| New Delhi |
December 8, 2019 4:46:26 pm
All over North India, winter season is now officially smog season, though Delhi being the capital city gets all the focus. Winter season is now by consequence ‘air purifier’ season for many of us, and there’s no doubt that many brands want to cash in on this trend. Xiaomi is one brand which has offered smart air purifiers for nearly two years in India, and its latest is the Mi Air Purifier 3 which costs Rs 9,999.
The difference compared to the Mi Air Purifier 2S is that this one has a touchscreen interface on the front with an OLED screen. But it is not all cosmetic changes; the Mi Air Purifier 3 has a slightly bigger square fan at the top. This one comes with a true HEPA filter compared to the EPA filter on the earlier one, though you can put the HEPA filter on your older Mi Air Purifier 2S as well.
Xiaomi also says this new Air Purifier is more powerful thanks to the bigger fan on top, has a higher Clean Air Delivery Rate (CADR), and is quieter. Still, if I were to place the Mi Air Purifier 2S and the new variant next to each other, from the front, they both look the same and you might not be able to tell the difference.
Setting up the Mi Air Purifier 3 was easy as well, and it connected to the Mi Home app smoothly. The touchscreen on the front will show you the temperature, the mode at which it is running, the temperature and the PM2.5 particle count.
When I got the Mi Air Purifier 3 for review towards the end of November, the Air Quality Index (AQI) had almost started clearing up in Delhi or what can be considered mildly acceptable levels of under 200 for PM2.5. Of course, this is woefully short of WHO’s standards of PM2.5 at levels of 25 μg/m3 for a 24-hour mean period.
Still, the first day the Mi Air Purifier 3 arrived the air quality was still in the hazardous zone. We had two air purifiers turned on in our large drawing and dining room and you could see both were struggling to keep the levels under 150 PM2.5, which was expected given the room is not entirely sealed off.
One thing though, both were not showing quite the same number, at least the exact same number, which really makes you wonder how this is being calculated. When I moved it to a sealed room, which is also smaller in size, the air purifier did manage to bring the PM2.5 under 80 and the screen showing a green light.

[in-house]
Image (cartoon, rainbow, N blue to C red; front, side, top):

In the last few days, we have again seen that AQI has gone for a toss, easily crossing 300 PM2.5 levels, which is far above the acceptable levels, though 120 AQI is no reason to celebrate either. The Xiaomi Mi Air Purifier 3 has done a decent job in my main bedroom managing to keep the levels to under 70, when the room is sealed shut. But it takes a good hour or so to bring the level down, especially on days where the AQI has deteriorated.
Once you open the door, the levels spike up for Mi Air Purifier 3, it will struggle to keep the AQI 200 at times, though after some time the levels are down closer to 100 and then 80.
The Mi Air Purifier 3 is quieter than its previous version, but if all both are running at the automatic mode, which is what I rely on given the AQI these days, you can’t drown out the sound of either.
As with all air purifiers, you will have to take these numbers with a pinch of salt. I don’t have an independent air quality monitor to double-check the accuracy, and I saw one in the market which cost more than the air purifier itself.
But the Mi Air Purifier 3 does come with a HEPA filter, which is the standard technology for removing PM2.5 and PM10 particles. It also has a carbon filter to remove other particles such as formaldehyde, toxic substances, and foul odor. Yes, there are plenty of other pollutants in Delhi homes, not just PM2.5.
The advantage with the Mi Air Purifier 3 is that it continues to be reasonably priced, and at least does the job well, when the conditions are not apocalyptic. One thing though you will have to keep replacing filters, within three-four months, perhaps at an even shorter period if you live in Delhi or any other North Indian city.
That is an additional cost with all Air purifiers, which means over the year you are spending at least to Rs 2199 (cost of the HEPA filter) or more on these products. So yes, keep that in mind when hitting buy on this or any other air purifier, and make sure you stock up on the replacement filters before smog season hits each year.
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